International research has shed light on the role that two genes – Complement Factor H (CFH) and Factor H-Related 1 to 5 (FHR1-5) – play in the development of age-related macular degeneration (AMD).1
For many years, we have known that inflammation at the back of the eye plays a role in AMD development. Genetics studies have identified a series of genes which regulate the activity of the complement pathway – a key player in our immune defence against pathogens – that affect a person’s risk of developing the disease. The suggestion from these data is that AMD is caused, at least in part, by a failure of complement regulation in the eye. However, until now the role of these genes – CFH and FHR1-5 – has been unclear.
By using mass spectrometry, scientists studied the levels of the CFH and FHR1-5 in the blood, and were able to show, for the first time, that all five FHR proteins are at higher levels in people with AMD than in those without. This builds on published research that found FHR4 was higher in individuals with AMD2 and that FHR1 and FHR2 seem to have the largest increase.
The team also studied the genes which code for these proteins, and confirmed that the genes modify the risk of AMD which are controlling these levels. This strongly suggests increases in these blood proteins, driven by the genetic risk, can modify activity of the complement pathway and drive AMD development.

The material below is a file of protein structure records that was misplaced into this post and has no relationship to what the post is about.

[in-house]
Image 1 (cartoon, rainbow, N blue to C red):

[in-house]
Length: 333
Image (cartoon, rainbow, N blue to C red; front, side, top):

- Beyond factor H: The impact of genetic-risk variants for age-relate macular degeneration on circulating factor-H-like 1 and factor-H-related protein concentrations DOI: https://doi.org/10.1016/j.ajhg.2021.05.015
- Cipriani, V., Lorés-Motta, L., He, F. et al. Increased circulating levels of Factor H-Related Protein 4 are strongly associated with age-related macular degeneration. Nat Commun 11, 778 (2020). https://doi.org/10.1038/s41467-020-14499-3